Mission Accomplished ... For Now
Most nonprofit organizations would love to put themselves out of business. That would mean the diseases they fought had been eradicated; that all creatures great and small were safe from harm and free from suffering; that arts were well-funded and easily accessible; that governments and justice systems were fair and free of corruption; and that everyone in the world had access to clean water, nutritious food, quality education and decent housing.
Unfortunately, very few of them get to shutter their windows and declare their missions accomplished.
The Vietnam Veterans Memorial Fund was one of the lucky ones. Incorporated in 1979, VVMF was founded specifically to build a memorial to the more than 58,000 American servicemen and women who died in the Vietnam War. The Wall was completed in 1982, and the folks at the organization behind it figured there was nothing left to do but close up shop — save for a small staff that was on hand to ensure that the monument was properly maintained.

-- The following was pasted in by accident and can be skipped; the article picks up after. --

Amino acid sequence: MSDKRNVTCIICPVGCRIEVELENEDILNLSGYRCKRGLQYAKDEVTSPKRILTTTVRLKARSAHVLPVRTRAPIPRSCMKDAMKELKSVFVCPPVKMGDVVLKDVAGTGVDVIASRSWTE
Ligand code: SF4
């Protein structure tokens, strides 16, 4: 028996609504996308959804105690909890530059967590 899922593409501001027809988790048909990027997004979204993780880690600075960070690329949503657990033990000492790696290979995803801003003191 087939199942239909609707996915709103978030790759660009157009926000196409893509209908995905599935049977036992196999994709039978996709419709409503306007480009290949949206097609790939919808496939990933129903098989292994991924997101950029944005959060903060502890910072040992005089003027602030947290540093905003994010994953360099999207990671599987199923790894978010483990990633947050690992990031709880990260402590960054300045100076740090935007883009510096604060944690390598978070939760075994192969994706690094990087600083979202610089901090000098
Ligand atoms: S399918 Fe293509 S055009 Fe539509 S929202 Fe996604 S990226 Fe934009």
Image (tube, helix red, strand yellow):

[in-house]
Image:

"By February of 1985, the Memorial Fund had essentially shut down, although a core group of supporters and the National Park Service organized large ceremonial events at The Wall each Memorial Day and Veterans Day," VVMF founder and President Jan Scruggs says. "As the 10th anniversary of The Wall approached, we saw the need to re-establish the Memorial Fund for the commemorations and renovations that would be taking place in the coming year.
"The plan was to dismantle the staff after the 10th anniversary, but instead of shutting down, the Memorial Fund remained opened to fulfill the needs of the public, for education and continued healing about the Vietnam War."
A pretty amazing thing happened when the VVMF regrouped and re-energized its efforts: People remembered. Even after a decade of relative inactivity, the organization's original donors and even their children were ready to help it fund this new mission.